(Bloomberg) -- One of the founders of Tornado Cash, among the most popular services to obfuscate cryptocurrency transactions, said it doesn’t need to comply with sanctions being imposed in the wake of Russia’s attack on Ukraine. 

Designed to preserve privacy, the protocol does this by breaking the link between the sender and receiver’s addresses on transactions sent over the Ethereum blockchain. The project is smart contract-based, meaning that decisions are made by pre-written software programs instead of individuals. It also doesn’t provide any custodian services or have a centralized host for its website. Individuals can access Tornado Cash by using the Ethereum Name Service, a distributed naming system without any login information, which the co-founder says helps make it impossible to police users.

“We don’t have more access to it than any other users” of the protocol, Roman Semenov, one of three founders of Tornado Cash said in an interview from Thailand. “There’s not much we can do.”

Regulars may not see it the same way. According to guidance from the multination Financial Action Task Force, the protocol likely falls under provisions covering virtual asset service providers, legal observers said. Creators and individuals that “maintain control or sufficient influence” in the application are likely required to have compliance controls in place, including sanctions compliance, even if the project is considered decentralized.

“What FATF says is ‘hey, we don’t care what you call yourselves, decentralized or DeFi, what we care is what you are doing,’” said Ari Redbord, head of legal and government affairs at blockchain intelligence firm TRM Labs.

Tornado Cash has seen rapid growth over the last year to become one of the most popular crypto mixers. The monthly value of Ether sent to Tornado Cash peaked in November as crypto markets set record highs, according to data compiled by Crystal Blockchain. The value surpassed that of Bitcoin sent to Wasabi wallet, another similar protocol used to mix Bitcoin transactions. The growth is significant since price of Ether is much lower than Bitcoin in dollars.

Nicolas Smart, director of blockchain intelligence and data at Crystal, said Tornado Cash’s dominance has increased in part because of the growing popularity of DeFi, which has resulted in more crypto wallets holding greater amounts of wealth.

Tornado Cash, founded in 2019, is probably best known for its use by questionable actors in the crypto space -- whether it is hackers who swiped $34 million from Crypto.com in January or the crypto personality “Sifu” involved with the Wonderland project who turned about to be the co-founder of the failed crypto exchange QuadrigaCX.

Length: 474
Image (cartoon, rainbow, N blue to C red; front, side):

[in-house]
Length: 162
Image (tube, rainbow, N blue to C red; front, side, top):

Semenov doesn’t seem to be concerned about his and his partners’ stance despite rising regulators’ attention in crypto-focused sanctions.

“All we do is write code and publish it on GitHub,” he said. “This is pretty close to the definition of free speech so writing code cannot be illegal.”

In a sense, the Tornado Cash co-founders are working in a decentralized way. While Semenov is based in Dubai, the other two are in Amsterdam and Seattle, respectively, he said. Semenov declined to comment on his nationality. 

“According to FinCEN guidance of 2019, in the case of Tornado Cash, contributors fall under the “anonymizing software providers” definition, which excludes them from money transmitter regulations, Semenov said. “We comply with all U.S. regulations regardless of our citizenship.”

Still, there has been a crackdown on crypto mixers. Last year, U.S. authorities arrested the founder of Bitcoin tumbling service Bitcoin Fog. The owner of Helix, another Bitcoin mixer, pleaded guilty for helping criminals launder money. Unlike Tornado Cash, Semenov said many Bitcoin mixers are considered illegal because the services were custodial, meaning that they held users’ funds at one point.

“It makes them money transmitters and money transmitters are required to do KYC,” or what’s referred to as know your customer checks, Semenov said. “You have these protections implemented because money transmitters have power to steal users’ funds.”

TORN, the native token of Tornado Cash, has more than doubled since hitting an all-time low in January. The price is down about 8.8% in the past 24 hours, according to CoinGecko. 

As the governance token of Tornado Cash, TORN gives its holders voting rights to decide the protocol’s upgrades and other developments. The recent price surge was partly due to a change that provided an incentive to TORN holders to stake or commit their tokens to the protocol’s smart contract for extra token rewards, Semonov said.

Other privacy-focused tokens have also posted recent gains. Zcash’s price was up by more than 23% in the past week, according to TradingView and Binance.  

©2022 Bloomberg L.P.